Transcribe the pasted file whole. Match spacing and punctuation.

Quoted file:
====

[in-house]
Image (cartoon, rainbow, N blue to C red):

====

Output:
[in-house]
Image (cartoon, rainbow, N blue to C red):